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Maximizing profits in a monopolistically competitive model

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I'm confused on a concept and I have a test coming up, so I need a bit of help on a discussion I had in class today about profit maximization I don't fully understand...

Given a situation (discussed in class today) in a monopolistically competitive market (NOT a monopoly), if my price is $10 for an item and at my present rate of output, my marginal cost is $8 per unit (and rising)... Do I need to change my price to maximize my profits? With a rising marginal cost, I don't think my profits are maximized, but I'm not sure how to tell for sure, and I'm trying to figure out in a monopolistically competitive model whether I should drop the price to lure more customers (to increase profits), raise the price to get more revenue per sale (but make fewer sales), or leave it alone. With rising marginal costs, it makes sense (in my mind) that I'm not currently maximizing. We talked about it today in class, but I didn't get the full concept... and the test is tomorrow morning. PLEASE HELP!!!

I suppose the actual scenario that I need to understand is this: Given a price and marginal cost (for example the $10 and $8 respectively above), am I maximizing profits already, or do I need to change my price... and why?

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First, let's look at a brief explanation of the Monopolistic Competition market:
Monopolistic competition satisfies the following conditions:
- like perfect competition in that there is a large number of sellers so that the actions of one producer have no significant effect on rivals;
- like monopoly and oligopoly in that each seller faces a negatively sloped demand curve for a 'distinctive' product; and,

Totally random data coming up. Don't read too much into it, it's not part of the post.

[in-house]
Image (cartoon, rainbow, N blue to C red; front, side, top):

- each seller possesses some market power depending on the elasticity of demand.

Under monopolistic competition, independence of producers results from the 'attachment' of certain consumers to specific producers. This affects price but to a lesser extent than under monopoly. In the long-run, price equals average costs but marginal revenue equals marginal cost. In theory monopolistic competition is considered inefficient because price is higher and quantity supplied lower than under perfect competition.
Monopolistic competition occurs in a market in which product differentiation exists and which exhibits elements of both perfect competition and monopoly. There are a large number of sellers of close substitutes that are not ...

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See Also This Related BrainMass Solution

firms in a monopolistically competitive market

A
"One might expect firms in a monopolistically competitive market to experience greater swings in the price of their products over the business cycle than those in an oligopoly market. However, fluctuations in profits do not necessarily follow the same pattern." Discuss this statement.

B
Market Structure Concepts: Indicate whether each of the following statements is True or False and explain why.

1. Equilibrium in monopolistically competitive markets requires that firms be operating at the minimum point on the long-run average cost curve.

2. A high ratio of distribution cost to total cost tends to increase competition by widening the geographic area over which any individual producer can compete.

3. The price elasticity of demand tends to fall as new competitors introduce substitute products.

4. An efficiently functioning cartel achieves a monopoly price / output combination.

5. An increase in product differentiation tends to increase the slope of firm demand curves.

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